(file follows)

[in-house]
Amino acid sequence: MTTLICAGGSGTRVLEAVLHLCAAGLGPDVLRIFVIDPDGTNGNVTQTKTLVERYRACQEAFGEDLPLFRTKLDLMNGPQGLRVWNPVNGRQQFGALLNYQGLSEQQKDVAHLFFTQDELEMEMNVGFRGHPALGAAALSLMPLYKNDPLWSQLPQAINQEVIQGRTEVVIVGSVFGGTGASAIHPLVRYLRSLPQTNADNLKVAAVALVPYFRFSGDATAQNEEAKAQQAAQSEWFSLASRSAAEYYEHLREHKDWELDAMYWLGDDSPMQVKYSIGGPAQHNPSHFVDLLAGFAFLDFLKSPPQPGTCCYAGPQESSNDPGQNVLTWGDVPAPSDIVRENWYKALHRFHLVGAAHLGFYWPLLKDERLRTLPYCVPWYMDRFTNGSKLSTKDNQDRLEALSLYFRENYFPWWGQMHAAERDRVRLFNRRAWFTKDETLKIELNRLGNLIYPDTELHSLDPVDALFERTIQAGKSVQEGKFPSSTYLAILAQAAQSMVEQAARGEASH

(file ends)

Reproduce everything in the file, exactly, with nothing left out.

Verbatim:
[in-house]
Amino acid sequence: MTTLICAGGSGTRVLEAVLHLCAAGLGPDVLRIFVIDPDGTNGNVTQTKTLVERYRACQEAFGEDLPLFRTKLDLMNGPQGLRVWNPVNGRQQFGALLNYQGLSEQQKDVAHLFFTQDELEMEMNVGFRGHPALGAAALSLMPLYKNDPLWSQLPQAINQEVIQGRTEVVIVGSVFGGTGASAIHPLVRYLRSLPQTNADNLKVAAVALVPYFRFSGDATAQNEEAKAQQAAQSEWFSLASRSAAEYYEHLREHKDWELDAMYWLGDDSPMQVKYSIGGPAQHNPSHFVDLLAGFAFLDFLKSPPQPGTCCYAGPQESSNDPGQNVLTWGDVPAPSDIVRENWYKALHRFHLVGAAHLGFYWPLLKDERLRTLPYCVPWYMDRFTNGSKLSTKDNQDRLEALSLYFRENYFPWWGQMHAAERDRVRLFNRRAWFTKDETLKIELNRLGNLIYPDTELHSLDPVDALFERTIQAGKSVQEGKFPSSTYLAILAQAAQSMVEQAARGEASH